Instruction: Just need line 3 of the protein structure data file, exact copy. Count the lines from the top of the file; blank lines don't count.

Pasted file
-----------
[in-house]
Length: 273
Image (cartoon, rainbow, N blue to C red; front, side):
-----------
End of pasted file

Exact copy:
Image (cartoon, rainbow, N blue to C red; front, side):